Our project ‘In the Mother of Mother Nature’ has 5 central pillars:
1. Convert to 100% Organic Champagne House over the next ten years, as well as requiring all partner winemakers to follow suit.
Replace transparent bottles (made from only 25% recycled glass) with classic green traditional bottles (100% recyclable and made from 85% recycled glass).
Remove packaging or gift boxes to immediately reduce our CO2 footprint. The bottle and nothing but the bottle.
Invest in renewable energy and ban air transport. Renew the logistics chain both upstream and downstream.
5. Go for transparency and traceability. Number each bottle and list all components and methods used to produce Telmont Champagnes on new labels. At Telmont, we have one foot rooted in tradition, one in modernity and both feet on (and in) the earth.
JM: The Rémy Cointreau portfolio is almost exclusively focused on brown spirits that have a very strong sense of terroir (Rémy, Louis XIII) or develop expressions that reflect their iconic terroir (Mount Gay, Bruichladdich).
Even the botanist Gin, who is obviously a white spirit, has a very focused sense of terroir. In fact, you could say that the botanist invented the concept of terroir-centered gins using their local Islay botany. Is the focus on terroir-driven intellectual expression at the heart of Rémy Cointreau’s brand strategy? Is that what sets you apart from other beverage companies?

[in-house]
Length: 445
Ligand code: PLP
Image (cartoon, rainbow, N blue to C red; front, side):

LDP: Yes, the “sense of place” or origin is the key for Rémy Cointreau, as we believe our spirits have the taste of their terroir. Terroirs mean something. As our customers become increasingly knowledgeable, this sense of place, the origin and quality of our ingredients, the authenticity of our savoir-faire will become even more appreciated.
Telmont fully supports these beliefs. This clearly sets us apart from other wine and spirits companies, as only companies with a value strategy (with a focus on high-end) can afford this. Companies looking for quantities cannot ‘just’ deliver their barley in a country or region (as we do in Scotland for our Scottish single malt or in Washington State for Westland).
JM: Why has Rémy not looked at Calvados or Armagnac to buy brands? These are both terroir-driven spirits with a long history, ripe for award, and often suffering from inadequate distribution. Do they seem to fit perfectly with both Rémy Cointreau’s brand strategy and marketing and distribution strengths?
Yes, Calvados and Armagnac are very interesting spirits, but they are not scalable worldwide at this time as they do not have a strong consciousness (e.g. in the US and in China, our key markets). Similarly, Tequila is an interesting category, but not our priority today.
JM: Thank you.